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Current Pharmaceutical Design


ISSN (Print): 1381-6128
ISSN (Online): 1873-4286

Review Article

Mineralocorticoid Receptor Antagonists for Nephroprotection: Current Evidence and Future Perspectives

Author(s): Pantelis A. Sarafidis*, Evangelos Memmos, Maria-Eleni Alexandrou and Aikaterini Papagianni

Volume 24 , Issue 46 , 2018

Page: [5528 - 5536] Pages: 9

DOI: 10.2174/1381612825666190306162658

Price: $65


Background: The use of single RAS-blockade is currently the recommended first-line treatment for proteinuric diabetic or non-diabetic nephropathy, as these agents were repeatedly shown in studies with hard renal outcomes to retard the progression of renal injury. However, CKD will continue to progress on optimum single RAS-blockade, and other options to ameliorate renal injury were explored. Dual RAS-blockade was associated with an increased risk of adverse-events with no apparent benefits and, therefore, is currently abandoned.

Based on the phenomenon of aldosterone escape and the well-documented harmful effects of aldosterone on renal tissue, several randomized trials have studied the effects of a MRA in diabetic and non-diabetic nephropathy.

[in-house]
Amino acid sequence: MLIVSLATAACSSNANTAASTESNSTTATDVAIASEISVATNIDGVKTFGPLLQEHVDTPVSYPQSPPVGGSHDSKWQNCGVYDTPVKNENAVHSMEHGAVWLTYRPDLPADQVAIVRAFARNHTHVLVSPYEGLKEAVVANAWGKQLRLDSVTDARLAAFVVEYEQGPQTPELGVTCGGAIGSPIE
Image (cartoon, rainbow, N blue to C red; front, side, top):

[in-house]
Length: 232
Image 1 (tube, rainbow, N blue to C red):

Method: This is a review of the literature in relevance to data evaluating the effect of MRA on renal outcomes.

Results: Studies with spironolactone and eplerenone added to single RAS-blockade showed that these agents are associated with greater reductions in urine albumin or protein excretion compared to either placebo or dual RASblockade. However, studies with these agents on hard renal outcomes are currently missing and the reasonable skepticism of physicians on the real-world incidence of hyperkalemia in CKD patients are limiting their use. A non-steroidal MRA, finerenone, has also great potency in decreasing albuminuria in diabetic nephropathy with possibly lower rates of hyperkalemia. Two multi-center clinical trials examining the effect of finerenone on hard cardiovascular and renal outcomes are currently ongoing.

Conclusion: MRAs are able to reduce albuminuria and proteinuria on top of single RAS-blockade in patients with proteinuric CKD. Ongoing clinical trials are expected to clarify whether such an effect is accompanied by delay in CKD progression.

Keywords: Chronic kidney disease, mineralocorticoid receptor antagonist, albuminuria, proteinuria, spironolactone, eplerenone, finerenone.

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